Sunday, October 3, 2010

The IAC Pre-tour continues in the Limoges region

The Limoges area is famous for its porcelain. In 1768, a source for high quality kaolin was discovered and set the gears in motion for world famous porcelain factories to settle in the region. Even today, the area supplies many other factories in Europe with high quality materials as well.

The first factory we visited was that of Royal Limoges. Production is slowly dwindling at this factory, which does not seem to be able to compete with more state of the art factories. The Bernardaud Porcelain factory was bustling in comparison, the quality of its product far superior. We had an excellent factory tour and their museum had an exciting show of contemporary work in porcelain. We had a lovely lunch at the factory restaurant.

Our next stop was the Cerlase Company who is making equipment for state of the art laser sintering (glazing). Yes, a laser is used to “fire” the china paint design on to the ceramic piece, eliminating a third firing. I have followed up on this technique and I am awaiting samples to try in the UF Fab Lab. Very exciting technology!

There was an academic side to the program when we went to the National Academy of Art in Limoges and listened to colleagues talk about the current state of ceramics education at their institutions. Tapio Yli Viikari from Finland is going through major curricular changes at his university that hold a good deal of promise. Torbjorn Kvasbo from Norway , Daphne Corregan, Monaco, Jim Romberg, USA and Bastiene Kramer, France all spoke to contemporary issues.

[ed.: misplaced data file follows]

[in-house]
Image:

We visited the Musee National Adrien Doubouche with historical collection of ceramics, including porcelain produced in the Limoges region. The Director of the Museum, Chantal Meslin, then walked us over to an exhibition hall, which had a wonderful show she curated with an interesting theme. She partnered with 12 ceramics museum in ceramics cities around the world, many of which I have had the privilege of visiting such as Jingdezhen, China, Icheon, South Korea, Stoke-on-Trent, England and Faenza, Italy. The show connected these 12 cities with commonalities in technique, form and decoration. The show was beautifully displayed and made its point well. Her tour was most informative.

On the last day, with a stop at an old brick and tile factory now a residency center on the way, we traveled to Paris for the IAC Assembly that would start the next day.

I want to take this opportunity to thank Jacques Kaufmann who was out “fearless” leader and besides organizing the trip and making sure things happened as they should, he made sure we were all on the bus when leaving!